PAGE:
NSW government has banned carrying Kirpan (Sikh religious knife) to schools from Wednesday after a stabbing incident, which landed one high school student in hospital and another in court.
NSW government has banned students from carrying religious knives to school from Wednesday.
On Monday, the NSW premier Gladys Berejiklian said that she was quite “taken back” to learn that students could carry knives into schools on religious grounds.
“Students should not be allowed to take knives into school under any circumstances, and I think it doesn’t pass the common sense test. Even if they’re not using weapons, others might take them from them, so I was very taken back when I learnt that. I will be speaking to the Education Minister about it. My strong view is that no student should be allowed to take a weapon to school, full stop,” said Ms Berejiklian.
‘Weapons not permitted‘
The calls for ban on the ‘Kirpan’ arose after a stabbing incident in a high school in Western Sydney where a 14-year-old boy allegedly stabbed another 16-year-old boy, by a Kirpan.
Education Minister Sarah Mitchell and Attorney-General Mark Speakman had met on Tuesday to discuss a law banning all weapons in school. According to The Sydney Morning Herald, they said that they were urgently reviewing the operation of laws relating to children carrying knives for genuine religious reasons.
NSW Education Minister Mitchell said on Tuesday that the Department of Education had issued advice to public schools banning students, staff and visitors from carrying knives for religious purposes on school grounds which would take effect from Wednesday.
“I have an obligation to students and staff in NSW public schools to ensure their safety. Weapons are not permitted at NSW public schools,” said Ms Mitchel.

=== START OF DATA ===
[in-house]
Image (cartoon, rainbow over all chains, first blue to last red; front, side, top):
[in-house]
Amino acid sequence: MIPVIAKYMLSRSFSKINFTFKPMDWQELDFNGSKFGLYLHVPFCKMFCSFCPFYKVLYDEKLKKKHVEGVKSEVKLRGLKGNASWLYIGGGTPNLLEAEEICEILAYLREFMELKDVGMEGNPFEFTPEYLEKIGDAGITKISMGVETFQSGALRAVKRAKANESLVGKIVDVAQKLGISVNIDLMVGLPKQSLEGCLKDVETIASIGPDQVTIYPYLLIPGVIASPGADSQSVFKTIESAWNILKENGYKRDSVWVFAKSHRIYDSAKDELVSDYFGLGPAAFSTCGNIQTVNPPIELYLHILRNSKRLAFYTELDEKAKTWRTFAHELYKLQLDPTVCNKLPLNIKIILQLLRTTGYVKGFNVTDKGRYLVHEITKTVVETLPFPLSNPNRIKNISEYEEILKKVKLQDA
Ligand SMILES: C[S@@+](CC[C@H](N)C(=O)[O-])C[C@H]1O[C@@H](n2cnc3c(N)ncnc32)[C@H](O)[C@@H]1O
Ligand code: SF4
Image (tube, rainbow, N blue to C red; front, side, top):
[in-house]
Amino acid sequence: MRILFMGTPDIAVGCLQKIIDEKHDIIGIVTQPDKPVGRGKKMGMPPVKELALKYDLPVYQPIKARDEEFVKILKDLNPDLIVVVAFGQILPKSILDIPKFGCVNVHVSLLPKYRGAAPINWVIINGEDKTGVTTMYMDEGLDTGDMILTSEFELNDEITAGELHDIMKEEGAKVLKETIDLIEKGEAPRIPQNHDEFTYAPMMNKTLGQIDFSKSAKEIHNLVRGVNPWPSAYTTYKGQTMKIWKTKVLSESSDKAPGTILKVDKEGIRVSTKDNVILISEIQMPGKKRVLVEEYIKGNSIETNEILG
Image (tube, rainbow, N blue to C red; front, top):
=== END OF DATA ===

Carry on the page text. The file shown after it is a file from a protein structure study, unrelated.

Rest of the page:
The Kirpan is one of five articles of faith baptised Sikhs are required to carry. The others are Kesh (uncut hair); Kangha (wooden comb), Kara (iron bracelet); and Kachera (cotton underpants).
‘Article of faith’
Many Australian Sikhs are not in favour of this ban on the religious symbol.
Australian Sikh Association’s chairperson Ravinderjit Singh says Kirpan has been worn as an article of faith world over by Sikhs for centuries. It is recognised by British Army, French Army, Australian Army and other armed forces to recognise the bravery and valour of the Sikhs during World War I and II, including the battle of Gallipoli.
“The current exemption granted for the use of Kirpan in schools and public places by Sikhs is legislated under the Summary Offences Act 1988. In schools or workplaces, it is not meant to be used as a weapon but as a ceremonial religious reason as an article of faith,” Mr Singh told NRI Affairs.
He said that the very unfortunate incident in Glenwood High, more than ten days ago may have underlying bullying and harassment as the reasons that (may have) prompted a minor age student to use it against a student of higher class.
“ASA has been in touch with the Dept of Education last week and also met with the Glenwood High principal and staff to address the issue of Kirpaan. We have offered help and resources to work with the school community and address any concerns. We are also ready for any discussions with the government, Dept of Education and NSW Police to work out solutions around religious sensitivities attached to this matter,” said Mr Singh.
‘Proper policy is required’
However, many others in the broader Indian community say that no weapons should be allowed in schools on any grounds.
Dr Vikrant Kishore, a Melbourne based media academic & filmmaker, says, “Well, my first reaction as a father to the use of any weapon in schools, be it real, fake, or symbolic, is an absolute No! I am against any weapon within the school premise.”
“I do believe religion and religious beliefs should be respected, within reason, and one should have a proper understanding of “right to religious freedom”. Also, one must note that many have been discriminated, and are harassed based on their religion/faith-based outfits, which I find problematic. I am completely against any such discrimination/harassment,” said Dr Kishore, adding that the issue of Kirpan in schools “needs to be introspected.”
“A policy should be formulated in discussion with the community to keep students’ health and safety at the forefront. In case if any religious/symbolic weapon is allowed within the school premises, then proper checks and balances should be there, without infringing on anyone’s right, or disrespecting anyone’s belief/faith.”
The education minister says the ban will remain in place while the reviews are conducted which will “consider options for communities who carry a knife for genuine religious purposes”.